SyncPerf: Categorizing, detecting, and diagnosing synchronization performance bugs

SyncPerf: Categorizing, detecting, and diagnosing synchronization performance bugs Mejbah ul Alam et al., EuroSys’17

This paper is an investigation into the causes of synchronisation-related performance issues in concurrent systems, together with a pair of tools that can help to detect and diagnose them. The main SyncPerf detection tool is very lightweight (average overhead 2.3%). It detects performance issues, and the information it provides is also enough to diagnose some of them. When the diagnostic information provided by the detection tool is not enough, the SyncPerf diagnostic tool can be used to make a deeper investigation. This tool has higher overhead (3.5x-9.9x), but is still considerably lower than similar tools – excessive performance overhead is avoided by only investigating the critical sections highlighted by the detection tool.

SyncPerf discovers many previously unknown but significant synchronization performance issues. Fixing them provides a performance gain anywhere from 2.5% to 42%. Low overhead, better coverage, and informative reports make SyncPerf an effective tool to find synchronization performance bugs in the production environment

Over and above the tools, the analysis of performance related issues is of interest in its own right.

Understanding synchronisation related performance issues

This work addresses performance issues related to synchronisation primitives such as locks, conditional variables, and barriers. Lock-free / wait-free techniques, transactional memory and so on are out of scope. In scope however, are performance problems outside of the usual hotspot of frequently acquired and highly contended locks.

Our first observation is that performance problems can also occur with locks that are not excessively acquired or highly contended.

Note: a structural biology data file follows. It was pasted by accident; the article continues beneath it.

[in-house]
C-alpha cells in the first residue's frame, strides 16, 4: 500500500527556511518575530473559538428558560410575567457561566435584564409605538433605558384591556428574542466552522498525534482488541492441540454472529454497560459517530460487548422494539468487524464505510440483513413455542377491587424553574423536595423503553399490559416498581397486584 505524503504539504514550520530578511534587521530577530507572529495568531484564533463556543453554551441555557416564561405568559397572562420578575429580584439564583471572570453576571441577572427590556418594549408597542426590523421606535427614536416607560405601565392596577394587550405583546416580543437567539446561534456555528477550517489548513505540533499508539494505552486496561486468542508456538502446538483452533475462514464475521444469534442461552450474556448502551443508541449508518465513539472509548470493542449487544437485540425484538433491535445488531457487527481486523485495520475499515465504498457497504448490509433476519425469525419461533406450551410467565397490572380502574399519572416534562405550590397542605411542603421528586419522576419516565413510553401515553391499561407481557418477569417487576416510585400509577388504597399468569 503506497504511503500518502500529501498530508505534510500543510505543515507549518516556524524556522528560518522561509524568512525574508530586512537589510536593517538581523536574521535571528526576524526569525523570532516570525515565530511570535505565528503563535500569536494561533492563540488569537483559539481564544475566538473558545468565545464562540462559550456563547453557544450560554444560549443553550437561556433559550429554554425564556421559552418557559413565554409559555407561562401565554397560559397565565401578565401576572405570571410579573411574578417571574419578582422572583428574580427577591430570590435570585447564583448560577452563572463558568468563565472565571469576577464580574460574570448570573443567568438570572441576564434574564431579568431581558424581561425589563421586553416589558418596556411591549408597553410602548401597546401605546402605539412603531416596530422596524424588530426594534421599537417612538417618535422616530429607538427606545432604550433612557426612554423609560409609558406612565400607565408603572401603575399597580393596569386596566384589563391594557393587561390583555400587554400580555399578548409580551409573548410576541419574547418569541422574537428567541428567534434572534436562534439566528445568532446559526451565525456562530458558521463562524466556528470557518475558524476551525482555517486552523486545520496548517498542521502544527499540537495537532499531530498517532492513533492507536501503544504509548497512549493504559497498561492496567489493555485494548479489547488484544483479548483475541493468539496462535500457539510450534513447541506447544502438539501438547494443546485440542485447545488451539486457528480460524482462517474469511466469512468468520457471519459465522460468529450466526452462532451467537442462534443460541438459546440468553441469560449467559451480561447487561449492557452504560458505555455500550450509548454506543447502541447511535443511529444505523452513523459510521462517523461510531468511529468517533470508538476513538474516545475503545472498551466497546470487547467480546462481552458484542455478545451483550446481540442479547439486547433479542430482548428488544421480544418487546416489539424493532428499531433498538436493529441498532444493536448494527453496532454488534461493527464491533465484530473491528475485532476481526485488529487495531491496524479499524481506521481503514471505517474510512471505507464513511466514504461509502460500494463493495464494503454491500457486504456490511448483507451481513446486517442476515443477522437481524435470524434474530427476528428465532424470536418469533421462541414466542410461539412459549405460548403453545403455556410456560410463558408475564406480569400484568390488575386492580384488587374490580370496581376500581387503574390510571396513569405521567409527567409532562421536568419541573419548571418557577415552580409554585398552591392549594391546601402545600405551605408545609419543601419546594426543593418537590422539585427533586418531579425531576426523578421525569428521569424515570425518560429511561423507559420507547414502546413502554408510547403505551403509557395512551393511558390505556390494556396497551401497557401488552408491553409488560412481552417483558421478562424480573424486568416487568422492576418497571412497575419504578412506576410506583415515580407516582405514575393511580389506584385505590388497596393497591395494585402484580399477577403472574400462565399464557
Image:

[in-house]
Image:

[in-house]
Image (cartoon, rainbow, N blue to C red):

There’s even a handy four-quadrant diagram to hammer home the point:

If we put the focus on performance issues, rather than prior publications, the quadrant looks something like this:

In quadrant one we find locks that are acquired relatively infrequently, but that are held for a long time when they are acquired. In quadrant four we find locks that are acquired excessively even though there is very low contention, leading to high locking overheads.

Of course it wouldn’t matter that prior work didn’t cover quadrants 1 and 4 if they turned out to be uninteresting. What we see in the evaluation though, is that these are fruitful quadrants for seeking out performance improvements.

Our second observation is that it is not always sufficient to identify root causes of a problem based on the behavior of a single synchronization.

For example, there may be a collection of locks protecting a data structure, and these need to be considered together.

Let’s now look at the five classes of performance issues identified by the authors:

  • Improper primitives. There are many different synchronisation primitives, with differing runtime overheads. Each mechanism suits a different use case, and deviation from the preferred use cases can result in performance issues.

  • Atomic instructions are best suited to perform simple integer operations on shared variables.

  • Spin locks are effective for small critical sections that have very few instructions but cannot be finished using a single atomic instruction.
  • Read/write locks are useful for read mostly critical sections
  • Try-locks allow a program to pursue an alternative path when locks are not available
  • Mutex locks are used when the critical sections contain waiting operations and have multiple shared accesses.

  • Improper granularity. This could be a lock protecting too many data items (too coarse-grained), a lock protecting a large critical section with many instructions (too long a duration), or very frequent acquisition of very fine-grained locks leading to high locking overheads.

  • Over-synchronisation. A situation where a synchronisation is actually unnecessary because the computations don’t need protection or are already protected by other synchronisations. For example, you don’t need a lock if a critical section only accesses local data, or if the protected computations are already atomic.